An elegantly dressed man and woman are in a vague, dark room. The man has lovingly placed his arm around the woman's shoulder and a hand on her breast. Very carefully she touches his hand with her fingertips. Both are staring straight ahead, they seem deep in thought. A few objects can be recognised in the obscure background: beside the woman is a plant in a pot and behind her an architectural fragment. The picture, called the 'Jewish Bride', was painted by Rembrandt in 1667. It is one of the most famous and mysterious paintings in the museum's collection.
The painting became known as the 'Jewish Bride' in the early nineteenth century after the Amsterdam art collector, Van der Hoop, identified the subject of the painting as a Jewish father hanging a necklace around his daughter's neck on her wedding day.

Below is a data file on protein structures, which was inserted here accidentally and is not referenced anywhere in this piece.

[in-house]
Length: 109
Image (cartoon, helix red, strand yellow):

Today, no one sees this man has the woman's father anymore. It is clearly a couple, although who they are is not clear. The faces appear to be portraits, but the clothes are unusual for the time. Perhaps they were contemporaries of Rembrandt's who posed as characters from the Bible.